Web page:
Standard ophthalmology kit is bulky and costs more than £100,000.

But cameras and processing chips on smartphones costing £300 are now so good that they can provide equally good results.

The system is already being tested in Kenya, where 1,000 patients have so far received treatment after being diagnosed by the app.

Peek allows health workers to assess patients’ vision remotely

Trained health workers first assess a patient’s vision by flashing progressively smaller letters onto the screen.

They then use the camera to check the lens of the eye for cloudy cataracts.

By attaching a special clip to the camera and switching on the flash they are then able to check the retina at the back of the eye for diseases such
as diabetic retinopathy.

The images can be sent back to a hospital for assessment, along with the precise GPS coordinates of the patient’s location so they can be found later
and treated.

Mirriam Waithara, who lives in a remote village, had been blind for many years. But a health worker using the app diagnosed cataracts which she had
removed in a straightforward operation.

She can now see and is overjoyed.

Dr Ian Livingstone who is involved in the project, told Sky News: “It’s staggeringly simple and I’m amazed it hasn’t been done sooner. It’s a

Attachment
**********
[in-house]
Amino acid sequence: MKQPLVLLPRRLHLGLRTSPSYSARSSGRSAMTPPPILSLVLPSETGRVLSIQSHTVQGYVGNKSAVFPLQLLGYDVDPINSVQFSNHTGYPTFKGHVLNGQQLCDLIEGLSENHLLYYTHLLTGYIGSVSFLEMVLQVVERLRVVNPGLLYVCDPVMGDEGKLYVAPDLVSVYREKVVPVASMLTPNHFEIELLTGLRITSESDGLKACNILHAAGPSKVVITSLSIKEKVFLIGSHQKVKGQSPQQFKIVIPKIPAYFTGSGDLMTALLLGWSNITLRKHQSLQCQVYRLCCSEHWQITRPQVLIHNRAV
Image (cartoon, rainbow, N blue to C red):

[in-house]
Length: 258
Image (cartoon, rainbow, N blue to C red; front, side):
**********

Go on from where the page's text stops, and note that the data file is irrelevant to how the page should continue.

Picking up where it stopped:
convergence of technologies. Phones are now as powerful as advanced computers a few years ago.

“The optics in the camera and the high-resolution display lend themselves perfectly to ophthalmic diagnostics.

“It’s a staggering thought that more people have access to a phone in the world than they do to running water.

“This is the perfect way to bring a western opinion to where it’s needed simply with a few adaptations and software support.”

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Sprint Brings Caption Calling To iOS Devices

By Adnan Farooqui on 07/24/2013

Sprint announced today that its Wireless CapTel service, powered by Raketu, is now available for iOS devices.

Demo Version of AutisMate, SpecialNeedWare’s iPad App for People With Autism, Hits the Market

AutisMate LITE gives users a taste of AutisMate, a uniquely comprehensive, customizable, easy-to-use communication and life skills learning app for adults and children with autism.
(PRWEB) July 03, 2013